Measles: A highly contagious respiratory virus thought to be eradicated in America.
Epidemics of the measles virus still pose a threat to children worldwide – but due to the recent anti-vaccine movement, the virus is making a comeback in the United States as well.
As a result, a husband-and-wife research team from the University of Michigan is strategizing ways to improve vaccination campaign strategies – and they believe one interesting set of data could help: seasonal birth rates.
Micaela Martinez-Bakker and Kevin Bakker, both of the University of Michigan’s department of ecology and evolutionary biology, set out to analyze seasonal birth rates throughout the Northern hemisphere in an attempt to identify ‘birth pulses’ – times when more infants are born in certain populations.
“In developing countries, to get children vaccinated, many have to rely on national vaccination campaigns, and those happen once a year, and they have to vaccinate as many infants as they can,” Martinez-Bakker said. “…If you know the time of the birth pulse, vaccination campaigns can use that information to determine when there are large numbers of infants in the population, and when they should vaccinate. It’s getting the most bang for your buck in terms of vaccinating if you can only go out once year.”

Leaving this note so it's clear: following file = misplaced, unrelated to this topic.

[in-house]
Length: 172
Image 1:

Utilizing 78 years of monthly birth records in the U.S., as well as 200 data sets from countries throughout the Northern hemisphere, the researchers were able to pinpoint seasonal birth pulses in various regions across the globe.
“Further away from equator, in Europe, that birth pulse is earlier in the year, between May and August,” Bakker said. “Closer to the equator, in the Caribbean, for example, the birth pulse is much later between September and December. And there are clear patterns across the U.S.: If you live in New York, July or August, or if you live in the South, you’re more likely to have a birth in October and November.”
For their study, published in Proceedings of the Royal Society B, the researchers also analyzed how seasonal birth patterns affected rates of disease outbreaks, focusing specifically on the measles epidemic.
“Measles is a virus primarily affecting children, and we were able to show that birth seasonality influences the size and frequency of measles outbreaks as well,” Martinez-Bakker said.
As a result, the researchers theorized that timing vaccination campaigns according to seasonal birth pulses could potentially decrease measles epidemics – as well as outbreaks of other contagious diseases like polio.
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